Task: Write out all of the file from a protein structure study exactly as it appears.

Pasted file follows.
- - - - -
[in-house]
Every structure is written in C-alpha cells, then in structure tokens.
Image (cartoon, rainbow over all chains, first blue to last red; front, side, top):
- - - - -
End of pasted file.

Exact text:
[in-house]
Every structure is written in C-alpha cells, then in structure tokens.
Image (cartoon, rainbow over all chains, first blue to last red; front, side, top):